Health Highlights: Sept. 3, 2004
Former President Clinton to Have Bypass Surgery: Report Protein Linked to Cancer Also Helps in Nerve Repair Live Music Benefits Premature Infants Rare Fever Kills New Jersey Man New Device Helps Children With Skeletal Disorder Injuries Rampant in U.S., Study Says
Here are some of the latest health and medical news developments, compiled by editors of HealthDay:
Former President Clinton to Have Bypass Surgery: Report
Former President Bill Clinton will undergo bypass surgery after complaining of chest pains Thursday night, HealthDay reported.
Clinton, 58, was taken Friday morning to Westchester Medical Center in Valhalla, N.Y., where he underwent testing. He will undergo the bypass surgery at New York-Presbyterian Hospital in New York City within the next few days.
Clinton was at his Chappaqua, N.Y., home Thursday evening when he experienced shortness of breath and chest pains. He was taken to nearby Northern Westchester Hospital Medical Center in Mount Kisco, where tests were normal. But after the additional tests Friday, his doctors advised bypass surgery, according to a statement from the former president's office.
Clinton served two terms as president from 1993 to 2001. He delivered a prime time speech at the Democratic National Convention in Boston in July, and released his memoir, My Life, earlier this summer.
Protein Linked to Cancer Also Helps in Nerve Repair
A cancer gene that regulates a protein called c-Jun also helps repair damaged nerve cells, says a study by scientists with Cancer Research U.K.
This findings may help lead to new treatments for spinal injuries, BBC News Online reported.
The scientists have been studying c-Jun's function in both tumors and healthy tissue. High levels of the protein are present in a number of kinds of cancer. Previous research found that high levels of c-Jun were present when nerve cells were damaged.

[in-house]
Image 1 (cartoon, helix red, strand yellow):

In this study, the researchers examined the axonal response -- a chain of chemical reactions that occur when nerve cells are damaged -- in mice that lacked c-Jun in their central nervous system. Axonal response helps in nerve re-growth and recovery after injury.
The nerves in the mice that lacked c-Jun were far less likely to recover after an injury than the nerves of normal mice. That suggests that c-Jun is a major regulator of axonal response, BBC News said.
Live Music Benefits Premature Infants
Live music, such as mothers singing lullabies, can help calm premature babies in hospital neonatal units, says an Israeli study.
The researchers compared the effects of 30 minutes of live and recorded versions of a female singer and harp music on 15 premature babies, BBC News Online reported.
After hearing the live music, the babies slept much more deeply and had a reduced heart rate than after they heard the recorded music.
"It could be that the live music is different to recorded music in its timbre, its echo, and other variables that could influence the baby," lead researcher Dr. Shmuel Arnon told BBC News Online.
He suggested that mothers be encouraged to sing lullabies to infants in neonatal units, which are often filled with the sound of medical machines monitoring the babies.
The study was presented at a British Psychological Society conference.